Margaret “Peggy” Campbell was an inspiration and a wonderful role model for me and, rest assured, for scores of many other youth in Lucasville, Ohio. After a long career at the phone company, Peggy dedicated her life to making Lake Margaret a wonderful recreational institution. The lake featured swimming, fishing, boating, plus playground and banquet facilities in a friendly, family atmosphere. For decades, it was the preferred gathering place for families in the area. Thanks to Peggy, young people like me grew up as her beloved “lake kids” who benefited so much from a home away from home. I have so many fond memories of Lake Margaret and its feisty owner, Peggy Campbell.
In the February 12, 1966 edition of the Portsmouth Times, Peggy addressed a request from the Ohio Department of Mental Hygiene and Correction to include Lake Margaret in the prison plans. Lake Margaret was not a part of the Schisler farm, which surrounded the lake area and was part of the land acquired by the state for the construction of a maximum security prison.
“I will do most anything to help my community,” Mrs. Campbell said, “But I do not believe I should be expected to surrender my livelihood.”
In fact, 1965 had been the best year for the lake. Peggy said, “ We are growing. Our membership is increasing. I enjoy entertaining children at the lake. We invite the children of Hillcrest Home and Boy and Girl Scouts to enjoy our facilities every year.” She continued to explain how she also had many improvements planned to enlarge the lake and to build an addition to the boat dock there. In addition, Campbell vowed she would continue to stock the lake with bass, crappies, bluegills, and perch for the delight of local fishermen.
Charlie Brown Swimming at the Lake
In 1954, Peggy Campbell and her husband, Ralph W. Campbell, purchased 45 acres including the 32 acres of the lake area from the late Frank W. Moulton. Then, they built the property for public recreation. After Ralph Campbell died, Peggy continued her dedicated work on the establishment as a memorial to her late husband.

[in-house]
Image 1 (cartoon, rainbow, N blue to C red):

The Schisler tract was the former big Acres farm. Many years before it was owned by the late James Bannon. John Gronninger later owned the farm and sold it to George Cook.
Frank and Arthur Moulton, Walter F. Gahm, Edward and Charles Appel organized a company and purchased the farm for around $100,000 around 1926. During the depression, the company surrendered the farm and Carl Schisler acquired it for about $45,000.
Schisler later added the Violet Farm which adjoined Big Bend Acres and subsequently sold off several tracts.
Anyone who knew Peggy understood her extreme devotion and unbelievable work commitment to the lake facility which bears her name. She continued to operate the lake for decades, always taking pride in her community involvement. Far more than just owner and manager of the club, Peggy was the chief cook, cleaner, and maintenance person in the enterprise. Through it all, she welcomed children and encouraged them to use and enjoy her beautiful facilities.
And excuse me, but damn the prison for nearly choking off the lake. Even when prison construction muddied the waters of Lake Margaret and caused Peggy's business to decline significantly (to put it mildly), she fought to maintain the lake as a focal point for Lucasville. I vividly remember how Peggy suffered through the damage caused by the state. It was a terrible blow to all that made the lake a precious site. It never fully recovered, not even close.
Though small in stature, Peggy Campbell was a giant force in molding character and industry in her community. I worked at the lake as lifeguard and waiter for many years. I know of no other person who taught me more about work ethic and responsibility than Peggy Campbell. I love her and miss her so much. How I wish children of today could benefit from being lake people like me and my friends. The lake is still there but no longer operates as a public recreational facility. If dreams were reality ...
Working at Lake Margaret